“In war, and the constant wake of war, does survival depend on rejecting and repressing one’s pains, emotions, and fears – one’s vulnerability? Or, does survival depend on radically embracing one’s vulnerability?”
—From the “Radical Vulnerability” Program Guide at the National Veterans Art Museum
Last Friday, members of the Neighborhood Writing Alliance had the amazing opportunity to attend a special workshop at the National Veterans Art Museum, on Radical Vulnerability. The phrase may seem strange to some, but the workshop, named after the current exhibit at the NVAM, allowed participants to discover not just the meaning of the phrase, but why it is so vital. The workshop was co-sponsored by NWA, the NVAM, and the Theatre of War Project, currently in Chicago and hosted by the Goodman Theatre.
Like any workshop, it began with introductions, but the experiences and perspectives in the room were diverse. Civilians of all stripes, soldier’s wives, children and siblings, as well as veterans from at least three US armed actions overseas came together to explore what radical vulnerability might mean.
Aaron Hughes, of the NVAM, Writer Warriors, and Iraq Veterans Against the War, first tried to contextualize the answer. The art on display at the NVAM as part of the exhibit seeks to allow veterans to explore their own vulnerability in a radical way, though Aaron suggested that the radical nature came not from the admission of vulnerability and humanity, but embracing it. He led the group on a tour of the pieces that showed not only the different wounds of war, but the different answers, and calls to action that emerge as soldiers return home. Many pieces were painted or drawn on “combat paper,” a canvas made from the ripped, soaked, and transformed fatigues of soldiers. One piece, called “How to Make Combat Paper” by Christopher Arendt described, on combat paper, fifteen steps including “Step four. Hate the war, hate yourself,” and “Step fifteen. Teach others to make combat paper. Live your life.” The Radical Vulnerability exhibit seeks to expose the humanity and vulnerability that war can erase, and Aaron described the cathartic effect of turning one symbol of that reserve into something else.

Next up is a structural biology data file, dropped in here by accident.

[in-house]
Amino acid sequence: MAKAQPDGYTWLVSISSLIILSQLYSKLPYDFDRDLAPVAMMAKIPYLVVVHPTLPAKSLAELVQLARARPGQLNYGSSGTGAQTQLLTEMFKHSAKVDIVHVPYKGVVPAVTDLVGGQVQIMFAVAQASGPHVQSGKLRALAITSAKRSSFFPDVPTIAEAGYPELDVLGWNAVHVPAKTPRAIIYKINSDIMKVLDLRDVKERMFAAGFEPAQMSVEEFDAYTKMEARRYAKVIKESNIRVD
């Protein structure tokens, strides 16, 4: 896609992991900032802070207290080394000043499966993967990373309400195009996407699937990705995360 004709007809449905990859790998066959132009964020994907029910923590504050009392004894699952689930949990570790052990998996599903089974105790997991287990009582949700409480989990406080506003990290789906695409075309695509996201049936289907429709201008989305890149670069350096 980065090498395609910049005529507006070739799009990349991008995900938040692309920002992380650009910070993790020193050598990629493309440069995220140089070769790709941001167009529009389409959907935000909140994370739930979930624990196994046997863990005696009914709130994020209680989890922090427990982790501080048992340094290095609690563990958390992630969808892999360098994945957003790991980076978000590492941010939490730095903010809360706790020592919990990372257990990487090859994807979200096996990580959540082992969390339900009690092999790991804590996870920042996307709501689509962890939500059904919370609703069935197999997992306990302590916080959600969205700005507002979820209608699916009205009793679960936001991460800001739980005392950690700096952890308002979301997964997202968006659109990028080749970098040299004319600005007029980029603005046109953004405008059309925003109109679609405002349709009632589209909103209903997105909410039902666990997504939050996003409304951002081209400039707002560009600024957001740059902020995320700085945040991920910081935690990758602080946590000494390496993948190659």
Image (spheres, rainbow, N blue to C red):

Regina Vasquez’s “Fatigues Clothesline” also used fatigues as a canvas, but in their original form. The project invites service members who have survived Military Sexual Trauma (MST) to draw, write, or paint their story on the inside of their fatigues, and then hang them for the world to see. Among veterans using military healthcare, close to 2/3 of female soldiers experience MST, as do 1/3 of men. Given the culture of silence in the military, and the threat of retaliation for reporting, actual numbers could be much higher.. Many members of the workshop paused for a long time to walk along the line, and read every story.
The troubles of war on display seemed to never end. “They’re Mine to Keep” is a visualization of a soldier trying to protect and claim memories that kept slipping away by Edgar Gonzalez Baeza. Other pieces memorialized the first man a soldier ever killed, the powerful drug cocktails prescribed to the overwhelming numbers of veterans and soldiers with anxiety, depression, PSTD, and other unnamed psychological problems, in place of allowing them to talk.
For part of the workshop, participants were invited to move their chair to any place in the exhibit and write. Writing in and among these works of art and expressions of humanity was a powerful experience, and NWA writers returned to the circle with pieces inspired by varied aspects of the experience. One writer recalled in the fifteen steps to making combat paper, a journey of her own with twelve. Another wrote about her youthful protests of war, now tempered by a new sensitivity to those the war affects. The exhibit not only exposed the undeniable humanity of the soldiers who made the pieces, but the human ability to share experience, and compassion through art.
Aaron was kind enough, and patient enough, to share stories of his own experiences in Iraq, and his frustrations as a veteran. He explained how the suicide rate among soldiers and veterans has exploded in the past 5–10 years, and veterans have some of the highest unemployment rates in the country. Most soldiers, he felt, weren’t shattered by the loss of a patriotic dream. They only signed up for a job. Instead, they were broken by the dehumanizing nature of war. And yet, the military apparatus, which seeks so determinedly to squash the human individuality of soldiers, is often the only place they can turn, because fellow soldiers are the only ones who truly understand their experience.
And that is why exhibitions like Radical Vulnerability are so important. They allow soldiers to embrace and find their humanity among other soldiers, and also to bridge the gap between themselves and civilians. Those who don’t fight cannot imagine fighting, and many of the pieces NWA participants wrote expressed awe at the complete foreignness of the soldiers’ experience. Yet they also allowed a window of compassion and understanding. As one participant put it, we can ease the pain that will not go away. Before the workshop ended, each participant had a chance to explain what the phrase radical vulnerability meant to them. The answers words varied, but they all embraced the spirit of common humanity.